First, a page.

B

The ‘Bet’ shows the floor plan of a tent. It means home, inside, or family.

e

The ‘Ayin’ appears as an eye. It can mean see, understand, or knowledge.

d

The ‘Dalet’ represents a tent flap or door. It can also mean back and forth movement as in going in and out of a door or a journey.
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Faith

h

Hey

Behold

n

Nun

Life/Heir

v

Vav

Secure

M

Mem

Water

A

Aleph

Strong

The pictograph portrays getting our attention, ‘Behold’, the root of Em (mother or giver of life) who seeks to establish continual life or activity in us. Faith then is the actions of our life that reveal our relationship with the life giver. Our faith brings a life that has purpose.

A

The ‘Aleph’ is the picture of an ox head and illustrates the strength of an animal. It can mean strong, power, or leader.

M

The ‘Mem’ illustrates water or waves. As a nomadic people, the Hebrews feared the waves or waters of the ocean. So the letter came to mean chaos, mighty, or blood.

v

The ‘Vav’ pictures a tent peg or nail. It means to secure, connect, or establish.

n

The ‘Nun’ represents a seed or sprout and gives us the meaning of continuing to a new generation. It can have the meaning of continuing, perpetuating, sustaining, offspring, or heir.

h

The ‘Hey’ pictograph represents a man with his hands in the air trying to get someone’s attention. It suggests look, reveal, behold.
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Father (Ab)

B

Bet

Home

A

Aleph

Strong

The Father is the strong one of the home.

A The ‘Aleph’ is the picture of an ox head and illustrates the strength of an animal. It can mean strong, power, or leader.
B The ‘Bet’ shows the floor plan of a tent. It means home, inside, or family.
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Grace

n

Nun

Life/Heir

C

Chet

Fence

Illustrates a fence surrounding and protecting the action of life. God’s grace is a spiritual concept of a place or setting where God offers protection, provision, and empowerment for life.

C

The ‘Chet’ depicts a fence that would contain, divide, surround, protect, or make private.

n

The ‘Nun’ represents a seed or sprout and gives us the meaning of continuing to a new generation. It can have the meaning of continuing, perpetuating, sustaining, offspring, or heir.
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Holy

s

Shin

Separate

v

Vav

Nail

d

Dalet

Door

q

Quph

Behind

Dalet-Vav-Shin create a root word meaning ‘threshing door’ which was used to separate valuable grain from chaff. Adding the Quph reveals the good left behind after threshing. We are holy after being threshed and set apart for God’s special purposes.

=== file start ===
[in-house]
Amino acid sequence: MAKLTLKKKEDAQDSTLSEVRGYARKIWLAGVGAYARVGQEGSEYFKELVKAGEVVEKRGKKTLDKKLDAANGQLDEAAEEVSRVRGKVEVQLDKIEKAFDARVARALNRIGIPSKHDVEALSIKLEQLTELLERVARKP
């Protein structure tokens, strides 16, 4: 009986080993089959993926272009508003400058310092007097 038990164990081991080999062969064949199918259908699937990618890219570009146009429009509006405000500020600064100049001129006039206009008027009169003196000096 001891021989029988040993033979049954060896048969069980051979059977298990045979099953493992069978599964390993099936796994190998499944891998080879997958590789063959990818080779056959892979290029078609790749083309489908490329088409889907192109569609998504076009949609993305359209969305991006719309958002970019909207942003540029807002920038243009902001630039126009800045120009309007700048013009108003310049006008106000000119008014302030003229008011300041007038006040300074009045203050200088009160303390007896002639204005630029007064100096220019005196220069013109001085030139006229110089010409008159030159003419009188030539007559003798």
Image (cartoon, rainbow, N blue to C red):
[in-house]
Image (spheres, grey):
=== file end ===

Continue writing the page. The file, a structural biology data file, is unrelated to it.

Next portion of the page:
q

The ‘Quph’ character appears like the back of man’s head or a sunset and means last, behind, following, revolving or cycle of time.

d

The ‘Dalet’ represents a tent flap or door. It can also mean back and forth movement as in going in and out of a door or a journey.

v

The ‘Vav’ represents a tent peg or nail and means to secure or hook. But it can also simply mean peg or nail.

s

The ‘Shin’ may be depicted differently depending on the time period, but represents two front teeth and can mean sharp, eat, consume, separate, or destroy.
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Hope

t

Tav

Covenant

r

Resh

Man

C

Chet

Surround

v

Vav

Establish

t

Tav

Mark

The covenant established in the inner chamber of man will mark him or be a sign to him.

t

The ‘Tav’ represents a sign, mark, covenant, or cross. As the last letter of the Hebrew aleph-bet, it also means last or end.

v

The ‘Vav’ represents a tent peg or nail and means to secure, hook, or establish. But it can also simply mean peg or nail.

C

The ‘Chet’ depicts a fence that would contain, divide, surround, protect, or make private.

r

The ‘Resh’ symbolizes a head, man, chief, highest, top, beginning, or first.

t

The ‘Tav’ represents a sign, mark, covenant, or cross. As the last letter of the Hebrew aleph-bet, it also means last or end.
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Humble

C

Chet

Wall

s

Shin

Destroy

Destroy the wall [in our relationships with both God and others].

s

The ‘Shin’ represents two front teeth and can mean sharp, eat, consume, separate, or destroy.

C

The ‘Chet’ depicts a fence or wall that will divide, protect, or make private the inside from the outside.
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Immanuel

A

Aleph

Strong

L

Lamed

Leader

v

Vav

Connect

n

Nun

Life

M

Mem

Massive

e

Ayin

See

Together the Ayin, Mem, and Nun refer to seeing the masses of life or mankind. The Vav then connects us to the Aleph and Lamed which mean El or God. Therefore, Immanuel means ‘God with us.’

e

The ‘Ayin’ appears as an eye. It relates to the function of the eye, understanding, or knowledge.

M

The ‘Mem’ illustrates water or waves and meant chaos, mighty, massive, or blood.

n

The ‘Nun’ represents a seed or sprout and gives us the meaning of continuing to a new generation. It can have the meaning of life, continuing, perpetuating, sustaining, offspring, or heir.

v

The ‘Vav’ represents a tent peg or nail and means to attach, connect, secure or hook.

L

The ‘Lamed’ is a picture of a shepherd’s staff. The shepherd used the staff with authority to push or pull sheep to direct or lead them. It can mean teach, lead, yoke, or move forward.

A

The ‘Aleph’ is the picture of an ox head and illustrates the strength of an animal. It can mean strong, power, or leader.
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Jehovah

h

Hey

Behold

v

Vav

Nail

h

Hey

Behold

y

Yud

Hand

The Hey-Vav-Hey letters in this name of God form a root word meaning ‘to exist.’ Add the Yud to the root and we understand that ‘from His hand is all that exists.’

y

The ‘Yud’ in pictograph form shows an arm and a hand. The picture can mean to work, throw, worship, or it can simply mean an arm or hand.

h

The ‘Hey’ pictograph represents a man with his hands in the air trying to get someone’s attention. It suggests look, reveal, behold.

v

The ‘Vav’ represents a tent peg or nail and means to secure or hook. But it can also simply mean peg or nail.

h

The ‘Hey’ pictograph represents a man with his hands in the air trying to get someone’s attention. It suggests look, reveal, behold.